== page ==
According to the World Health Organization, India had the highest number of suicides in the world in 2012 with 258,000 of 804,000 suicides worldwide. Indian youths between the ages of 15 and 29 years committed suicide with 35.5 deaths per 100,000, while suicide became the leading cause of death of young Indian women also1,2. Other mental health problems noted to be specific to India are depression related to economic insecurity, anxiety among youths over educational success, and distress among young women caught between the opportunities of a changing India and pressure from traditionally minded families to marry.
India's first-ever National Mental Health Policy3, announced in 2014, aims to provide universal psychiatric care to the population by 2020, despite a relatively small health care budget per capita compared with other developing nations. The Policy describes how care should be provided through integrated care services which “should espouse the principles of universal access, equitable distribution, community participation, inter-sectoral coordination and use of appropriate technology”3. In India, with 75 per cent of the population living in rural areas, only 0.7 physicians per 1000 population and only one psychiatrist for every 343,000 Indians, access to quality mental health care is limited and traditional approaches to care are highly unlikely to reduce the high national suicide rate or reach the 20 per cent of the population who have mental disorders2,3.
India, however, has one major advantage when it comes to delivering future mental health services and has the opportunity to deliver services just as described in the National Mental Health Policy, through the use of appropriate technology, especially mobile wireless technologies. Much of the population is young, technologically sophisticated and equipped with wireless smartphones that have become an integral part of their lives. Smartphone penetrance in India is rapidly increasing and the country will have more smartphone users than the USA by 2016, with over 200 million being used nationally already4. This is effectively an already paid for and developed health communications technology infrastructure through which a substantial proportion of India's future mental health services may be delivered. This could, if it is taken advantage of strategically, form the core of national preventive and patient centered mental health services for the country in future years.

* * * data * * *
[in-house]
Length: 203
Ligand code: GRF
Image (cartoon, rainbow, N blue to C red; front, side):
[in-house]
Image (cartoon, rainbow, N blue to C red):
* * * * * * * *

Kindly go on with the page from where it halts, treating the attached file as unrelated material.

India has considerable internal experience using conventional telemedicine, especially through the partnership between the Indian Space Research Organization and the Apollo Telemedicine Networking Foundation which links more than 100 hospitals and provides tele-education to medical colleges and mobile telemedicine units in disaster relief camps5. Indian clinics and hospitals, especially in isolated areas, have long been the recipient of mobile email consultations and second opinions in many medical specialties, including psychiatry, from charities such as the Swinfen Foundation6, which accesses psychiatrist volunteers from the USA, UK and Australia.
This early telemedicine and electronic health care experience, and the young wirelessly enabled population, lay the foundations for India, if it so decides, to take the leap into “mobile mental health” and to set up a series of preventive, assessment and treatment platforms that can be delivered to smartphones nationally, and which can support and supplement the current government and privately run mental health services efficiently and effectively.